It’s been well over a year since I last wrote about how we can create folder structures on servers and networks whenever a new project is created in Vision. If you haven’t had chance to read those posts yet, I suggest you go back and read through them.

Since I first started toying with this concept about 2 years ago I have made a number of enhancements to this customization to make it more of a re-usable product for my clients. Many of those enhancements came from a client’s unique requirements. I’m still in the final testing stages with that client and plan to write more about those enhancements and some lessons I’ve learned, once that project is complete.

For now though I would like to talk about a topic that came up during the aforementioned project, but is very relevant to any SQL based automation tasks – Performance.

The Problem:

For the first couple of implementations of this utility, performance was not much of a concern because we were doing limited processing with our stored procedures and PowerShell scripting and we were generating a single folder at a time on the local network which used a DFS structure to replicate the folders to remote offices.

For my latest project we had a very different scenario. We have a great deal of processing logic taking place to determine which folder structure to create and where to generate the folders on one of 20+ different file servers in remote offices across the US.

With robust Vision servers the scripting process flow was reasonably fast however once the multi-level folder structures started to be generated on the remote servers we started to see a lag. From the second the workflow was initiated, the end-user could be waiting up to 30 seconds before the script completed and allowed the user to continue on in Vision. 30 seconds is by no means extreme given the task at hand but as anyone who has worked in IT can attest…users hate to wait any length of time!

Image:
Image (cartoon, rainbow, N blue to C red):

How SQL Processes Scripts:

SQL is considered to be synchronous – that is to say that if you fire a function or stored procedure, it will not finish that process until all scripts or functions and steps that are called inside that initial process have completed.

So when we call a stored procedure from a Vision workflow, SQL will not let Vision go until it’s done and in this case it includes the PowerShell script that is creating the folders on those remote servers.

Asynchronous Processing:

So how can we get SQL to process our script asynchronously? In simple terms, how can we let our user fire the workflow (via a button or other means) and let them carry on with their work in Vision while the script runs in the background?

Starting with SQL 2005, the Service Broker was introduced as a messaging and queuing service between different SQL instances/servers. This gave the ability to have a message sent on one instance to trigger scripts or jobs on other instances or on the same instance.

There are abundant resources on the web if you search “SQL Service Broker” and I recommend you do if you want to know more about asynchronous processing for SQL.

In my research however it became clear to me that implementing the Service Broker for this project and for this folder creation utility in general, was overkill. There had to be a simpler way – and there was – using a SQL Agent job.

The way this is accomplished is like so:

1. We create a new table in our Vision database to hold parameters for the Utility. There should be a column for each unique parameter as well as a unique identifier field and a bit field we will use to flag processed calls of the Utility.

2. Next we create a new Stored Procedure which will be called from Vision and will receive our parameters. We then insert them into the new table. Every time the utility is called in Vision, a new row will be inserted with a unique ID, the parameters and a default but flag of “0”.

3. Now we create a SQL agent job which we schedule to run every 30 seconds. This job is a simple “While” loop that looks at the new table for the first record with a “0” flag and then passes the parameters in that record to a call to our original stored procedure. It then sets the record’s flag to “1” so that the record doesn’t get processed again.


By using the SQL agent and a small amount of coding we can create a very simple workaround to the performance issues that come with synchronous processing.

The SQL agent job carries very little overhead and will process as many records as it finds in an unprocessed state each time it runs. Depending on how quickly the users need the folders to be accessible the run frequency could be greater than 30 seconds.

This same SQL agent based “offloading” of a SQL process could be applied anywhere performance is an issue or there is a need to do your heavy lifting as a background process.

Stay tuned for the next update where I will go into greater detail on how I have extended this popular utility!

If you have comments or questions drop us a line at [email protected]m or leave a comment.